The real reason why Ballmer quit Microsoft…
FYI, this story is more than a year old
“Maybe I’m an emblem of an old era, and I have to move on."
Those are the words of a teary eyed Steve Ballmer, who this week told the Wall Street Journal the real reason why he finally decided to quit Redmond after over 30 years as Microsoft CEO.
"As much as I love everything about what I’m doing, the best way for Microsoft to enter a new era is a new leader who will accelerate change.”
Offering the clearest insight yet into what motivated him to cut the chord at a company he loves dear, Ballmer admitted he struggled to keep up with the fast-paced world at which he was operating in.
After originally proposing a four-year plan, which would see the 57-year-old retire once his son had graduated high school, Ballmer's fellow executives wanted a much quicker turnaround.
In being head of a company which joined the mobile and social markets late, Ballmer's inability to react quick enough to the changing industry around him was ultimately his downfall, as he admitted to the WSJ.
“No matter how fast I want to change, there will be some hesitation from all constituents — employees, directors, investors, partners, vendors, customers, you name it — to believe I’m serious about it, maybe even myself,” Ballmer admitted.
According to the exclusive WSJ report, Ballmer's first indication his time at Redmond might be up was during a conference call with lead director John Thompson.
In detailing his plan to fight the rise of iPhone and Android in the mobile market, Ballmer was cut off by Thompson, who rebuffed: "Hey, dude, let's get on with it… We're in suspended animation."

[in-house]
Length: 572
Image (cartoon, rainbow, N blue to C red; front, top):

As the saying goes, the penny dropped for Ballmer.
After realising he couldn't initiate change as quickly as the Microsoft board wanted, Ballmer accepted the "New Steve" simply wasn't working, hence his decision to retire in August, a decision he allegedly made in May.
“There is never a perfect time for this type of transition, but now is the right time,” Ballmer said at the time.
After making his decision, the WSJ claimed Ballmer realised he "had trained managers to see the trees, not the forest, and that many weren't going to take his new mandates to heart."
"At the end of the day, we need to break a pattern," Ballmer realised. "Face it: I'm a pattern."
Drafting countless resignation letters, Ballmer finally settled on one by August 26, which hammered home to staff: "Microsoft has all its best days ahead. Know you are part of the best team in the industry and have the right technology assets.
"We cannot and will not miss a beat in these transitions."
Bowing out in vintage Ballmer style, dancing to Michael Jackson’s Wanna Be Startin’ Something’, the charismatic CEO declared the company “would change the world again.”
But this time, it will be without him.